President Biden has two significant challenges heading into his 2024 re-election campaign—his age and the price of cereal.
Let me explain his cereal problem first.
Author and academic William Galston wrote about it in the Wall Street Journal last month under the headline, “$8.99 Cereal Could Rock the Globe.” Galston quoted an Illinois house cleaner who said, “I almost had a heart attack the other day when I saw a box of cereal for $8.99. Does that come with a gallon of milk, too?”
And now, New Republic editor and liberal columnist Michael Tomasky brought up cereal in an opinion piece this week. “The inflation rate is way down. And those of us who read economic reports know that when it was bad, it was worse in the EU, and it wasn’t largely Biden’s fault (it was pandemic-related supply chain issues). But most people don’t understand that; they just know that their kids’ cereal went from $4.89 to $6.19.”
As Tomasky correctly pointed out, most people judge the economy not by dry statics or global economic news, but rather by how they are doing. Yes, inflation has cooled, but the prices for many goods and services have remained high. When the price of cereal and dozens of other items are higher now than they were a year ago, people know it.
And many voters blame the current administration.
That explains why the New York Times/Siena poll of six battleground states (Arizona, Georgia, Michigan, Nevada, Pennsylvania and Wisconsin) found that voters overwhelmingly favor Donald Trump to do a better job than Biden on the economy.
Of course, polls are just a snapshot in time, and it is possible that voters’ attitudes toward the economy will change over the next year. It is also possible that Trump will be a convicted of a crime over the next few months and that could impact his standing.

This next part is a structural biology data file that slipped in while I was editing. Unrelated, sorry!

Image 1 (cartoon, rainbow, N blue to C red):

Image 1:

But that brings me to Biden’s other problem. Seventy-one percent of voters in those battleground states—including 51 percent of Democrats—believe he is too old to run again. Just 39 percent believe Trump is too old, even though he is just three years younger than Biden. Sixty-two percent say Biden does not have the mental sharpness to be president, while that number for Trump is 44 percent.
As former Obama strategist David Axelrod said of Biden, “The issue is not political, it’s actuarial.” Axelrod posited the question of whether Biden should stay in the race. “If he continues to run, he will be the nominee of the Democratic Party. What he needs to decide is whether that is wise; whether it’s in HIS best interest or the country’s?”
Even Tomasky, who believes Biden has been an excellent president, is raising the issue. “Democrats need to have some tough conversations,” he wrote.
I see similarities in the cereal and age issues; both are very personal. One is a distinct kitchen table issue, which always resonates with voters. The other is also highly relatable. Each of us has life experiences with older parents, grandparents and relatives and have witnessed the diminishing that often comes with age. It is natural for that experience to influence views of Biden.
By this time next year, the price of cereal, as well as other goods and services may come down or at least the shock of higher prices may have worn off. That will work in Biden’s favor.
However, Biden will not have gotten any younger, and that is an intractable problem for him.